Why I spoke at Cancer Research UK’s Early Diagnosis Research conference

Ian Fannon

Ian Fannon on Mar 15, 2021

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Last March, as the first wave of the pandemic was just beginning, we began working with a new client.  It’s no exaggeration to say I’d never seen a brief like it in terms of its scale of ambition.

Our Future Health aims to recruit 5 million UK adults to join the UK’s largest ever health research programme. The goal? To help people live healthier for longer, by enabling researchers to find new ways to detect, prevent and treat common diseases early. Diseases like cancer, dementia, diabetes, heart disease and stroke.

Fast forward 12 months and it has been one of the most fulfilling and stimulating projects I’ve had the privilege to work on.

Co-designing participant content

Our contribution to the project has come at its formative stages, as it prepares to go into the pilot phase this spring. We’ve helped unpick how to segment audiences for a project aimed at almost everyone; surface insights on those audiences’ motivations, barriers and information needs through extensive qualitative research; apply the relevant behavioural theory to diagnose the challenge; and co-design participant content to meet those needs with help from three diverse panels made up of 24 members of the public.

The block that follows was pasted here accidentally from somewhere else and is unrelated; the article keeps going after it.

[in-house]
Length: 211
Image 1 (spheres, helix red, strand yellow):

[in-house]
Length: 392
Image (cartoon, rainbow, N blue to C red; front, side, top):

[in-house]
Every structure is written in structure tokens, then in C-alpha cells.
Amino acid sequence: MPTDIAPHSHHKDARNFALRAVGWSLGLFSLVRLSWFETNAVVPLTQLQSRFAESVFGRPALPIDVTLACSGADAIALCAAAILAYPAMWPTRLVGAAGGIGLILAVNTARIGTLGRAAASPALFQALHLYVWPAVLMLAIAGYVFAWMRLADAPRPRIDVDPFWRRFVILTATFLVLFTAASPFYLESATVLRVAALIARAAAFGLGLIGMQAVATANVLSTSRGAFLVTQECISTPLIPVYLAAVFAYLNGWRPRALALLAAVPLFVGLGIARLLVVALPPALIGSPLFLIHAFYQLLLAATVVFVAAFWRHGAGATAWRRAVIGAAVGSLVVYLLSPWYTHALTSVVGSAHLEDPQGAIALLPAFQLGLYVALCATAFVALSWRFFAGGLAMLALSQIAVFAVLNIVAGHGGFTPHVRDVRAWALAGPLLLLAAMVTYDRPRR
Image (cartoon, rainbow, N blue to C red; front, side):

Speaking at Cancer Research UK’s conference

We’re not finished yet, so we’re not quite ready to share outputs. But we were recently given an opportunity by Cancer Research UK to share a little more about what is a truly fascinating project of immense scale and ambition, and about the approach we’ve taken. Alongside Dr Saskia Sanderson, Chief Behavioural Scientist at Our Future Health, I spoke at the charity’s virtual Early Diagnosis Research conference last month. The theme was ‘The Early Detection and Diagnosis Roadmap’.

Among other impressive speakers, we were followed by Sir Harpal Kumar, President of GRAIL Europe and former Chief Executive at Cancer Research UK, who described what’s next for the large-scale trial of GRAIL’s Galleri blood test, designed to detect up to 50 types of cancer early. That may be the subject of a future blog, as we’ve also been supporting GRAIL and King’s College London with preparations for this trial recently. Watch this space…

The CRUK conference series is finished now, but you can read more here if interested.